The organic vegetable box is changing from summer to autumn - Cavolo Nero kale has put in an appearance already. It has to be used quickly (also the broccoli) within a day or two of delivery while it is still at its best. This week I had it with lamb merguez sausages from Pick's organic farm, onions and potatoes from my garden.
Turning to Spring
I had a note from my milkman this week, telling me that he will deliver bulb fibre, multi-purpose compost and bark chippings which is great. It is time to start planting Spring bulbs for the balcony and outside the back door (others are naturalised in the garden) and I want to re-pot some plants that are looking like they need it.
I love deliveries - it's great opening the back gate and there's milk or vegetables or groceries or, now, compost, waiting for you. So much better than going to the shop and lugging great bags on and off trolleys, never mind the environment. It saves me money, too, because I only buy what I need, and all the deliveries are from small local businesses. Pick's Farm does deliveries, too.
There's also the cardoons to cut down. It was cloudy today so I didn't get a picture of them. They are magnificent architectural plants (you can also eat the stems but why would you) rising to seven or eight feet tall at the start of the summer, but by the time the flowers have arrived they are looking bedraggled and forlorn. The flowers are like very large thistle heads and bees and butterflies love them, so I keep them until the flowers are finished, but honestly, they are an embarrassment. I have to apologise to my neighbours for them, gaunt and skinny, and trailing yellowing leaves everywhere. I think this their last year. That is the very spot for a greenhouse.
Garden Journal is hosted each month by @riverflows in the Hive Garden Community.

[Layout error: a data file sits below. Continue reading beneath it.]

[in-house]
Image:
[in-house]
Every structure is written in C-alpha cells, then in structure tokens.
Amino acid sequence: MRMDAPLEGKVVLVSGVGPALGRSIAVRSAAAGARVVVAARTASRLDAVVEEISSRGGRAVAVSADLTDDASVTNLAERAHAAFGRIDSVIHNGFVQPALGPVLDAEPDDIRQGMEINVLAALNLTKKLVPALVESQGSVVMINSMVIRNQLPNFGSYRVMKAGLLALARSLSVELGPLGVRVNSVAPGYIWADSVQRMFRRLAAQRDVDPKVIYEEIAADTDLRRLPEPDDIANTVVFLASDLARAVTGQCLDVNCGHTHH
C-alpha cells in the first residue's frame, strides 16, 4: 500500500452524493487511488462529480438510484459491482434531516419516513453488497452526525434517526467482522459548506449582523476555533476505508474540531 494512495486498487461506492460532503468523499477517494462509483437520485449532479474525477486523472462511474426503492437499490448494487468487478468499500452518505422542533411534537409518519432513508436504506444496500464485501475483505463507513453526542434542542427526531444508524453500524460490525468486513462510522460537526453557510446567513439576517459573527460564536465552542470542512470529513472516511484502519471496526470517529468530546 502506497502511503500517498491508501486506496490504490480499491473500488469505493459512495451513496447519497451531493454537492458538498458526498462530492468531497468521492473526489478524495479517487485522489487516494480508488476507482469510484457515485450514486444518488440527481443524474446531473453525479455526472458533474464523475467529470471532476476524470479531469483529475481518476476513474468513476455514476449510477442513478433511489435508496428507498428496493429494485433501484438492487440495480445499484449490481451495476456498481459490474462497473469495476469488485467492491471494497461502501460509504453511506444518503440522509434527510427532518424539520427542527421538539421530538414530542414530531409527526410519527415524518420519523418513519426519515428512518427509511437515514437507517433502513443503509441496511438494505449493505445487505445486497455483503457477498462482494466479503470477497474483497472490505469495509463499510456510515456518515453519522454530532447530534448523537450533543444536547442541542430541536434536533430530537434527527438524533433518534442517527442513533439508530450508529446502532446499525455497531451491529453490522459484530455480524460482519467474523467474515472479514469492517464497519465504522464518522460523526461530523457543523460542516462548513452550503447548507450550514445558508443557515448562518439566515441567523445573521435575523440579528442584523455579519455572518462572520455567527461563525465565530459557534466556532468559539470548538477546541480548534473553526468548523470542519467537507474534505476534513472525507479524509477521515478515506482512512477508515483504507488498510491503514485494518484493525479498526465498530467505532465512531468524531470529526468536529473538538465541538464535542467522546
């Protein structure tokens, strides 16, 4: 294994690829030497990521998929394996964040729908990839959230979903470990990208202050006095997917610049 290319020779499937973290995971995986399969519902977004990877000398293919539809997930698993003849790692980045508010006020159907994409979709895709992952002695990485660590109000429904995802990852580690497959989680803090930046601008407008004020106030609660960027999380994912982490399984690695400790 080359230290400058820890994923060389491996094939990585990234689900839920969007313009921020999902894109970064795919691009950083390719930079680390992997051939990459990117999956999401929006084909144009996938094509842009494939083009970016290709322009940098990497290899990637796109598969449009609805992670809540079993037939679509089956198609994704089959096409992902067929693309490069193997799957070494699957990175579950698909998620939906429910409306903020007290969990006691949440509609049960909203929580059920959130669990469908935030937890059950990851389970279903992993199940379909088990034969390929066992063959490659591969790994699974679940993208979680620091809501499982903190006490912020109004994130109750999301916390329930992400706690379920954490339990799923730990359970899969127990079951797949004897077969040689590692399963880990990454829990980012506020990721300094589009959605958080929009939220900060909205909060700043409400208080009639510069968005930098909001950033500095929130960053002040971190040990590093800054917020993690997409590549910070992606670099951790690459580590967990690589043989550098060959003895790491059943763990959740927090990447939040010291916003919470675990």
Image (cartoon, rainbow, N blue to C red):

Here's the latest post, entries are welcome until Tuesday 7 September 2021.
I'm tagging @raj808 (the famous tomato man) and @neumannsalva (who steals strawberries from the mouths of slugs) who may enjoy gardenjournal 😍
Saturday Savers Club
I run a savings club every Saturday over on the @eddie-earner account. We're aiming to save £670 ($800) by the end of the year using the 365 day savings challenge. You can join any time of the year and set your own goals and plans (some people are saving Hive, others Bitcoin, some their local currency). We share savings tips and there's a free giveaway every week.
Wednesday Wellbeing Club
I'm hosting a Wellbeing Club on Wednesdays from 11 August until 24 November 2021 in the Natural Medicine community. It's for anyone who wants to make a lifestyle change. We have a weekly check-in and share wellbeing tips, and a weekly giveaway. Here's the back story and the launch post with more information. Everyone is welcome.
First Monday - NeedleWorkMonday Community
Starting Monday 6 September 2021 at 7pm (UTC+1 for September) for an hour, I will be hosting a sit and chat and make session in the #knitandnatter voice channel in the NeedleWorkMonday Discord, and the first Monday of each month after that. Bring your knitting, sewing, crochet (or nothing, that's okay, too), a nice cup of something, and join us for a relaxing hour of chat.
Three things newbies should do in their first week and, for most things, forever afterwards!